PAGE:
I’m not suggesting that leaders live in denial. Max Depree reminds us that the first job of the leader is to define reality. Leaders must embrace and communicate the harsh reality their organization may be facing at any moment. At the same time, however, those leaders must understand that their people are looking for cues on how to respond. I believe leaders must push past their own infirmities and do what is right, before they feel like it…even if it seems like a performance.  This is not a blind hope that things will get better right away, when they obviously won’t. It is, however, an optimistic hope that the team will ultimately achieve their mission, despite the obstacles. Effective leaders understand that people do what people see.

Jim Collins once interviewed a retired U.S. military officer who survived a Prisoner of War camp in Vietnam. He drew an incredible insight from the commander when he asked who were the first soldiers to die, in those POW camps. The response? The soldiers who would say: “We’ll be out by Thanksgiving” or “We’ll be home by Christmas.” These men meant well, but it had a damaging effect. When Thanksgiving or Christmas came and left—and the soldiers were still prisoners—it sapped their hope. The soldiers who lasted were the ones who faced the hard reality of their situation, but never lost hope that ultimately they would make it out. There’s a difference—and it may require a performance.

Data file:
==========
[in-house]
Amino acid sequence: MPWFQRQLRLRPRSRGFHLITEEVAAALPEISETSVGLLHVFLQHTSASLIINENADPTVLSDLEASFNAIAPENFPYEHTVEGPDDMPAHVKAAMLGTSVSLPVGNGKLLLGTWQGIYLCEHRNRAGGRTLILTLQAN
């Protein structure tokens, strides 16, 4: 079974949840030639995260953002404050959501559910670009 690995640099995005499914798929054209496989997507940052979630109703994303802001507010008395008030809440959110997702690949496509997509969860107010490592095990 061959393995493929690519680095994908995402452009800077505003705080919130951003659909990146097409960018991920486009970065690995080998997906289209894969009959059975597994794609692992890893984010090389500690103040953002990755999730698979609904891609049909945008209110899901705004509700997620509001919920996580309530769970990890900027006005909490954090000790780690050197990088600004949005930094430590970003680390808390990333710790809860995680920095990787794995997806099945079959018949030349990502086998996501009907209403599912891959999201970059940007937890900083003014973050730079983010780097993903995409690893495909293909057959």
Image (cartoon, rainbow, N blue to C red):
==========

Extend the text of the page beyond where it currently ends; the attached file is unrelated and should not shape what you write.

Two of our Habitudesäspeak to this truth. One is called, “The Hollywood Effect.” It simply reminds us of the power of a leader’s action, over her words. Speeches are great, but action accelerates response from followers.  Another HabitudeÔ is called, “The Mirror Effect.”  This Habitude teaches us that followers are mirrors and will ultimately reflect back the vision, values, atmosphere, attitude and tone of the leader.  By default or design, leaders model the way, creating a healthy or unhealthy culture in their organization.

I believe healthy cultures come when a leader can balance their art of genuine humanity, with the need to perform those actions that elicit the right response from their followers. It is a tender balance and one we must accomplish while keeping a clear conscience. Leaders cannot fake something and keep a clear conscience for long. I struggled with this during my twenties as I led a large group of college students and abhorred the idea of doing anything inauthentic. I learned along the way, however, that performing wasn’t equal to being fake. It simply meant that I, the leader, must perform those functions needed by the followers. Leadership must be based on the need of the people, not the feelings of the leader.  Here’s to your next great performance.


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The Leader as a Performer